Unlocking Mysteries of Human Cognition: Synopsis of John Dewey’s ‘How We Think’

John Dewey's "How We Think" is a timeless exploration of human cognition, and one that continues to resonate with educators and scholars today. By emphasizing the importance of critical thinking, problem-solving, and observation, Dewey provides a framework for developing effective thinking skills that can be applied in all areas of life.

In a world where we are constantly bombarded with information and distractions, it is easy to overlook the importance of understanding how we think. John Dewey’s “How We Think” is a seminal work that delves into the intricacies of human cognition, exploring everything from the role of language in shaping our thoughts to the nature of memory and the importance of critical thinking. In this article, we will provide a comprehensive synopsis of Dewey’s work, highlighting the key themes and ideas that continue to resonate today.

The Importance of Understanding How We Think

John Dewey’s work on cognition is based on the premise that understanding how we think is essential for success in all areas of life. He argues that traditional approaches to education, which focus on rote memorization and fact-based learning, do not adequately prepare individuals for the challenges of the modern world. Instead, he suggests that a more dynamic and holistic approach is needed, one that emphasizes critical thinking and problem-solving.

Language and Its Role in Cognition

In the first chapter of “How We Think,” John Dewey explores the relationship between language and cognition. He argues that language is not simply a tool for communication, but a fundamental aspect of human cognition. He suggests that the ability to express our thoughts and ideas to others is essential for developing effective thinking skills, and that language plays a critical role in shaping and organizing our thoughts.

Perception and Observation: The Foundation of Effective Thinking

In Chapter 8 of his work, John Dewey focuses on the importance of perception and observation in the thinking process. He suggests that individuals must learn to observe and perceive the world around them in order to develop effective thinking skills. He advocates for training students to observe their environment and to use their senses to gather information and make judgments, arguing that this is essential for developing critical thinking skills.

The Dynamic Nature of Memory

In Chapter 9, Dewey explores the role of memory in the thinking process. He argues that memory is not simply a passive storage system, but an active and dynamic component of cognition. He suggests that individuals must learn to use their memory effectively, by organizing information and making connections between different pieces of information. This, he suggests, is essential for effective problem-solving and decision-making.

The Distinction Between Concrete and Abstract Thinking

Chapter 10 of “How We Think” is devoted to the distinction between concrete and abstract thinking. Dewey suggests that concrete thinking is based on direct experience and perception, while abstract thinking involves the use of symbols and concepts to represent the world. He argues that both types of thinking are necessary for effective problem-solving, and that individuals must learn to move between concrete and abstract thinking as the situation requires.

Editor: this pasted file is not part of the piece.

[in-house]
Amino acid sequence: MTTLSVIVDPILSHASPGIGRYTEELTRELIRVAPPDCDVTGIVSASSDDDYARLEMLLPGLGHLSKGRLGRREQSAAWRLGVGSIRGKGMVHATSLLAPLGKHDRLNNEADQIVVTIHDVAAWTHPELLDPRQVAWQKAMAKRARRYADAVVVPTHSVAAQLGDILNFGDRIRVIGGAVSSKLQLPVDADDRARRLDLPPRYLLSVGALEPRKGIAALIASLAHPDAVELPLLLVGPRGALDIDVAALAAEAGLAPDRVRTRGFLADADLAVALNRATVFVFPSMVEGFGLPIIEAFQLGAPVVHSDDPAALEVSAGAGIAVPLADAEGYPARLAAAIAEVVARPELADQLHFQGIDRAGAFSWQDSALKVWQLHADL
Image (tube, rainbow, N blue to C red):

Science as a Model for Critical Thinking

In Chapter 11, Dewey explores the role of science in the thinking process. He argues that science provides both a subject matter for thinking (i.e. the natural world) and a method for thinking (i.e. the scientific method). He suggests that the scientific method provides a useful model for critical thinking, and that students should be taught to think scientifically in order to develop effective thinking skills.

Thinking as a Central Component of Education

In the final chapter of “How We Think,” Dewey discusses the role of thinking in the curriculum. He argues that thinking should be a central component of education, and that educators should strive to develop critical thinking skills in their students. He suggests that this can be achieved by incorporating activities that emphasize problem-solving and decision-making into the curriculum, as well as by teaching students to evaluate and critique information.


John Dewey’s “How We Think” is a timeless exploration of human cognition, and one that continues to resonate with educators and scholars today. By emphasizing the importance of critical thinking, problem-solving, and observation, Dewey provides a framework for developing effective thinking skills that can be applied in all areas of life. Whether you are a student, educator, or simply someone who is interested in understanding how the mind works, “How We Think” is a must-read work that will challenge and inspire you.


  1. Dewey, J. (1910). How we think. D. C. Heath & Co.
  2. Dewey, J. (1933). How we think: A restatement of the relation of reflective thinking to the educative process. Houghton Mifflin.
  3. Garrison, J. (1997). Dewey and Eros: Wisdom and desire in the art of teaching. Teachers College Press.
  4. Kilpatrick, W. H. (1918). The project method. Teachers College Record, 19(4), 319-335.
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